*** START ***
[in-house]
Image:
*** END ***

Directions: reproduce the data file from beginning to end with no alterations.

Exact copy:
[in-house]
Image: